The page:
a dynamic random access memory (DRAM) coupled to the multi-domain processor.
  16. 16. The system of claim 15, wherein the driver of the non-core domain is allowed to write to the configuration register when a first non-core domain workload is executing, and is prevented from writing to the configuration register when a second non-core domain workload is executing.
  17. 17. The system of claim 15, wherein the power controller includes a second configuration register accessible to the core domain, the second configuration register to store at least one value to be written by the core domain to enable a dynamic reduction in a frequency range at which the non-core domain can operate.
  18. 18. The system of claim 15, wherein the non-core domain is to operate at a higher frequency after the dynamic reduction in the core domain frequency range.
  19. 19. The system of claim 15, wherein the power controller is to first reduce the maximum frequency of the core domain, and to thereafter reduce the guaranteed frequency of the core domain only if the non-core domain is not operating at a requested frequency after the maximum frequency reduction.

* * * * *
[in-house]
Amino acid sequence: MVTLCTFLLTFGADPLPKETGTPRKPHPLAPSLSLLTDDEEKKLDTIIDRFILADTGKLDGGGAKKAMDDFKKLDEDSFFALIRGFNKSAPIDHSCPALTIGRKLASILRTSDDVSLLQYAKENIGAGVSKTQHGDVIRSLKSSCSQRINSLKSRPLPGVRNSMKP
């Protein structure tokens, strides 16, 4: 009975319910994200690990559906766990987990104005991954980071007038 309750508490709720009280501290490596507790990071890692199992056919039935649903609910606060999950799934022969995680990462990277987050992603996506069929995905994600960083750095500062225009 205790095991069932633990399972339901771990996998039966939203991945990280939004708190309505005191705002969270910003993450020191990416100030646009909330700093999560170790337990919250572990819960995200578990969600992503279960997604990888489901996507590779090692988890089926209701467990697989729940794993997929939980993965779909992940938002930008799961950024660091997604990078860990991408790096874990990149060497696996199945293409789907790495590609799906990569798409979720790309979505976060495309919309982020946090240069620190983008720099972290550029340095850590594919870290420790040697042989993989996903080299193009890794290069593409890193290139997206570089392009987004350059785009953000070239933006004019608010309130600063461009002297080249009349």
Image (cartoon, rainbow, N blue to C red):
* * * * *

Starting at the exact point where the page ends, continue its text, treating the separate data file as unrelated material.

20. 20. The system of claim 15, wherein the driver of the non-core domain is to request the power controller to update the configuration register responsive to determining that the non-core domain is not operating at a frequency requested by the driver.
  21. 21. The system of claim 20, wherein responsive to the configuration register update, the power controller is to cause the core domain to operate at a frequency less than the guaranteed frequency set at manufacture, wherein the frequency less than the guaranteed frequency violates an operating system guaranteed frequency.
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US9026815B2 (en) 2015-05-05 grant